Cordesman stands back and looks in illuminating detail at two main subjects: the relative strength of the Israeli vs. the Arab forces and the possible scenarios of war between the two sides.

Assessing the military balance, the author starts with formalistic lists of equipment and manpower, then peels away the externalities to get at the real strengths and weaknesses, the "intangibles." Crude numbers show Israel in trouble; a look at only the highest performance weapons shows Israel's position to be somewhat better; and a consideration of the whole picture -- including quality of personnel and training, readiness, forward leadership, technological competence, command and control, combined operations, waging "24-hour war," and deep strike capabilities -- shows Israel to have a force qualitatively better than that of its neighbors. In this sense not much has changed from prior decades; indeed, Cordesman gives the distinct sense that Israel's edge continues to increase.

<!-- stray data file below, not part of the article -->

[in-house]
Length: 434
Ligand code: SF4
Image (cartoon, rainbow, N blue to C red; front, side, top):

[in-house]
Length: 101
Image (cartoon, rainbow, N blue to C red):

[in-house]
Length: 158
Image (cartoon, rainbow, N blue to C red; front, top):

As for scenarios, Perilous Prospects takes up eight in all, from a renewed intifada to an all out nuclear war, including a takeover of the Egyptian government by fundamentalists. Perhaps most interesting, because otherwise so little noted, is the 35-page analysis of a Syrian grab for the Golan Heights, which Cordesman sees as a realistic possibility intended "to create new facts on the ground" and perhaps "to alter the outcome of peace negotiations."